Sunday, October 14, 2007

Training - Senior Security Management Workshop

The Harvard University Program on Humanitarian Policy and Conflict Research (HPCR) is offering a Senior Security Management Workshop in cooperation with the Geneva Centre for Security Policy (GCSP) in Geneva, Switzerland. The course is part of the Security Management Initiative (SMI).

The registration form for the event can be downloaded here.

Training - UK Corridors of Power

The British Overseas NGO's for Development (BOND) is offering an innovative course entitle, 'UK Corridors of Power'. The course intends to:

'To develop participant's knowledge and understanding of the UK political process (Westminster and Whitehall) and improve their ability to navigate the UK policy-making arena.

A key skill that applies itself to a variety of NGO work is an understanding of the UK political process. Knowing how the decision-making process really works and how to get key political players on side, is vital if your advocacy is to change policy.'

While UK-focussed, the course is an interesting initiative to arm institutions and individuals on how to better arm themselves in promoting policy change with states.

AFGHANISTANICA - Afghanistan’s Security Deterioration in Visual and Quantitative Form

AFGHANISTANICA has a great compilation post looking at Afghanistan’s Security Deterioration in Visual and Quantitative Form.


The post makes clear that the UNDSS report is very focused on the security of humanitarian aid worker:

'The report makes it obvious that the “Anti-Government Elements” aren’t giving aid workers any special treatment. Incidents in 2007 up to early August:

Aid convoys attacked/ambushed/looted: 41.
Aid facilities attacked looted: 29.
Aid workers abducted: 69 (44 Afghans, 25 international).
Later killed by captors: 7 (5 Afghans, 2 foreigners).
Total aid workers killed: 41 (34 Afghans, 7 international).

These numbers are of course much less than deaths suffered by Afghan civilians, police and military and less than the losses by foreign troops. But these NGO workers are desperately needed in Afghanistan, and many of them need to be out in the field to be effective.'

Darfur - Peacekeepers Without a Peace to Keep

The New York Times has a short piece entitled, 'Peacekeepers Without a Peace to Keep'.

The article continues the debate on how damaging the attack on AU peacekeepers in Haskanita will be in the short- and mid-term. While this take on the incident isn't new, the author does start to pose some more critical questions about whether military intervention in Darfur is already too late?- Or, is it too early?


A recent statement by the AU force commander captured the challenge facing peackeepers- 'AU outnumbered, outgunned in Darfur'. It is easy to make calls for peacekeepers to enforce the 'Responsibility to Protect', as Roméo Dallaire does: '...the troops must “go inside the camps, do night patrols and snap inspections, essentially go wherever they need to, without the Sudanese Army or police blocking them.” He said they also need to go after “every one of those splinter groups” and they’ll need the proper gear to do so.' How realistic are these calls?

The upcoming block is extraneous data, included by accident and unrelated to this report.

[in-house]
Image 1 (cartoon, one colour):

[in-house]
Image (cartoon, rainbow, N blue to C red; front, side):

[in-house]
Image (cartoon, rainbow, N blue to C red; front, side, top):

A number of uncomfortable comparisons in the article are made between Darfur and Somalia. Yet perhaps a better comparison would be the early days of UNPROFOR in the former Yugoslavia? The lack of political will in FRY crippled even relatively well-equipped peackeepers. Can UNAMID hope for better?

Monday, October 01, 2007

Sudan- Peacekeepers Look for Missing in Darfur

There are numerous articles chronicling a rebel attack on an African Union base in Haskanita, northern Darfur yesterday. Apparently 1,000 rebel gunmen overwhelmed the base and its 150 troops before dawn. At least 10 peackeepers have been killed, and between 20 and 50 are still missing.


The rebels looted vehicles and ammunition, and it took Sudanese government troops to chase them away. Photos show government troops looting the leftovers, and burnt armoured vehicles. A quote from an anonymous officer underlines the stakes for the AU Force:

'"It may not be the right political thing to say, but the government forces saved us," said an AU officer, who also asked not to be named because of military regulations.'

The IHT published the first obvious article on the future of Darfur and peacekeeping, namely, whether this tragic incident won't un-nerve other nations considering contributing to the more robust hybrid AU-UN force for Darfur. A spokeman for OXFAM framed the attack in light of the kinds of threats that humanitarian agencies are facing:

'"It's indicative of the complete insecurity," said Alun McDonald, a spokesman for the Oxfam aid organization in Sudan. "These groups are attacking anybody and everybody with total impunity."

McDonald added that armed groups were "increasingly targeting aid workers to steal their vehicles, radios and logistical stuff."

He said the attack on the peacekeepers "sounds quite similar to that, just on a much larger scale."'